Anita Mechler: Vivienne and Jim

Fall leaves are sliding and dancing with each other along the whitewashed bridge. The frantic urgency of the evening train rushes to its next destination, bellowing into the dusk. The world is only drowsily aware of the impending misery of winter; that beautiful bleakness obliterating the existence of anything but itself, blanketing the world in its crystalline forms.

It was summer when I first saw you in that blindingly brilliant sun and before you changed everything about who I would love. I would like to think that those sweet boys from my youth would be enough to make an impression upon me. There was the one who kissed me behind the kindergarten portable and the other who took me to my junior prom. They were the kind of boys my mom considered suitable suitors. They had no edge, all soft corners and baby fat. I look back at those pictures, trying to escape from their grasps with my eye on something far off from the camera, having nothing to do with the backdrops of rock fireplaces or the manicured lawns of a childhood home. All these memories made even fuzzier by seeing you on that hot and bright summer day.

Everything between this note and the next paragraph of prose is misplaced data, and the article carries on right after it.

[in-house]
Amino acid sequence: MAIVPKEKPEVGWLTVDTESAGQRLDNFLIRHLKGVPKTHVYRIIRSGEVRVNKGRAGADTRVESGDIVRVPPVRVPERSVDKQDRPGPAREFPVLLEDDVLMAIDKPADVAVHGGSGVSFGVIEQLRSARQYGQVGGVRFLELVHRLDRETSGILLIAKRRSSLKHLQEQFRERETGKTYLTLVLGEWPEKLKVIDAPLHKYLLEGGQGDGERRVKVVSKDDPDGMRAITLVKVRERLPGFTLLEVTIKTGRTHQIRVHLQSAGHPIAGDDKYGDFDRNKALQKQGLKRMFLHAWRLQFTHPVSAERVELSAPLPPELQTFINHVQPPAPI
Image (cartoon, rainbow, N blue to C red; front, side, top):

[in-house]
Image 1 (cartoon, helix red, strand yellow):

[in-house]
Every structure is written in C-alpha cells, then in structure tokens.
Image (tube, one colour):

It was the kind of day when the breeze played with the trees and the interplay of shadow and light made an ethereal presence. You were sitting in the grass, just outside the circle of guffaws and conversation. Children ran around wearing straw hats with blue and red ribbons. The adults were eating cold crispy duck, lemonade, and corn bread. Your short golden hair covered some of your face so when you laughed it had its own flash of light. You were picking apart the grass with delicate fingers, closer to a stout tree than to the friend near you.

My friend brought me into the circle, introducing me to your nearby friends and as I socialized with them, I felt the intensity of your stare. Our curious glances became more bold and direct as the sky darkened, hoping to find ourselves alone. We didn’t get much further than a few furtive, shy smiles. It was enough to make an impression on me for months, sharpening as time went on instead of the opposite. I parceled it out for myself in snippets, focused flashes.

Suddenly, it was fall. My roommate Erin and I were hosting an Antebellum Halloween party. You and your friends made an appearance, surveying the room like lions on a safari. When your gaze landed on me, I felt my heart stop and then quicken. I felt like a rabbit with no place to hide.

You seized the moment to slyly sidle up to me. Before you opened your mouth, you were fingering the rhinestone brooch on my fur shawl.

“I’m Jim.”

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